Pandemic shifts contractors to think digital
On March 18, 2021 by By Burcin Kaplanoglu, executive director and innovation officer, Oracle Global Business Units
The change in requirements on worksites is driving construction companies to implement methods such as remote monitoring and artificial intelligence to achieve project delivery.
Faced with the ongoing COVID-19 pandemic, the construction industry is starting to learn how to respond to a new and unprecedented era of disruption. Challenges ranging from handling disruptions in global supply chains to implementing strict physical distancing rules to keep worksites open, have resulted in slower progress on some projects.
While the project slowdowns have centred on factors such as health, safety and productivity, they also reveal something the industry already knows: the construction sector is one of the least digitised industries, with many onsite projects being executed using the same approaches as decades before.
With the ongoing unpredictability regarding job sites, project managers must look at innovative yet dependable solutions to achieve successful project deliveries. In many cases, it may require adjusting the means and methods traditionally used when executing projects.
There are a few solutions available that can help address the industry’s current challenges, ensuring construction projects can be executed with as little disruption as possible.
In place of onsite inspections, construction companies have begun to deploy tools including drones, laser scanning, light detection and ranging technology (LiDAR) to remotely monitor the progress, quality and security of their projects. These new technologies can enable teams to gauge what is happening versus what should be happening on the worksite to sub-centimetre accuracy. Along with conducting field inspections and scheduling reviews off-site, this allows for physical distancing and enables project teams to design work sequences for contractors so as to minimise unnecessary interactions.
In addition, cameras on worksites can provide real-time monitoring and security. For example, pan-tilt-zoom (PTZ) cameras allow users to monitor various areas of the worksite and zoom into areas of interest while at the same time creating panoramic images and time-lapse videos. Site cameras use thermal sensing and edge-based analytics to sense motion, which then trigger alerts. In addition, fixed cameras are increasingly being used to enhance remote collaboration between stakeholders while also capturing images and time-lapse videos to keep teams updated.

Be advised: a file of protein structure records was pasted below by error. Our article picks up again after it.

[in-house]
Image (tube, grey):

In case onsite inspections are necessary, construction companies have increasingly been turning to artificial intelligence (AI) to improve worksite safety. This is due to AI’s ability to create automated reports to help with mitigation plans and documentation, providing more safety coverage while eliminating the need to send additional people to the site.
Some companies are also attaching sensors to workers clothing or hard hats, which emit a progressively louder alarm to remind workers if they are too close to each other. The alarm will serve to gradually change the habits of workers to promote safe physical distancing.
In addition, in the event there is a confirmed case of COVID-19 on a worksite, an employer can use historical data captured passively by the worker’s sensor to identify every worker who may have been exposed.
To protect teams, operations and ultimately project outcomes, it is important that all project schedules are kept updated throughout the timeline of the project. This means disconnected data sources and offline recordkeeping will be minimised.
The updates should be comprehensive, documenting the status of all design, permitting, bidding, procurement, submittal, fabrication, delivery and construction activities. This can be quite time-consuming, so a schedule management solution is ideal to ensure a seamless and efficient integration to log the data. Ideally this work would be directed to a centralised centre.
It is remarkable that today’s high-tech buildings and infrastructure assets are being built using dated, low-tech processes. But now, as a result of the ongoing global crisis, construction companies are finding themselves pursuing – and in some cases fast-tracking – digital transformation in order to continue to operate. Whether it is to mitigate the direct impact of the pandemic on worksites or adopt new ways to approach project delivery, it is clear the digital agenda cannot be ignored.
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